An investigation by Wageningen University in the
Netherlands suggests that in order to eat more vegetables, children
must be able to choose between two options.
“Eat your salad, son,” is one of the many phrases constantly repeated by mothers, until they give up. However, according to a recent study, if mothers said instead: “Son, what do you prefer, carrots or beets?” the likelihood that your son will finally eat vegetables increases. One of the conclusions of the study entitled “Providing Alternatives and its Effect on Acceptance and Vegetable Consumption in Dutch Children: A Randomized Controlled Trial,” led by Professor Cees de Graaf,from the Department of Human Nutrition at the Wageningen Universityin the Netherlands.
The Right to Choose
Low vegetable consumption within children is something that can be observed almost everywhere in the world. Concerned about this situation in the Netherlands, researchers considered the possibility of encouraging children’s autonomy in choosing the vegetables they eat as a valuable strategy to increase the acceptance and consumption of this food group. To do this, they gathered 303 children between ages 4 and 6 and took them to a restaurant in order to compare whether offering their choice of a vegetable before or at dinner, or no choice, might alter the amount of vegetables actually eaten.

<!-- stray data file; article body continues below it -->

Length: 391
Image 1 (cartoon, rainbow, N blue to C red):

Children described by their parents as “reactive,” or constantly in conflict, ate about half the amount of vegetables when offered no choice, compared with the rest of the children. After dinner, 75% of the children who had been given the chance to select their vegetables said they felt “happy with that level of autonomy.”
Pediatricians recommend that children eat five servings of fruits and vegetables each day, preferably two fruits and three vegetables. If this is your goal, maybe it’s time to make your children part of the choice-making process. Take them with you to the supermarket and ask them which fruits or vegetables they prefer. This way, you’ll put an end to the ongoing battle against vegetables.
© 2017 HolaDoctor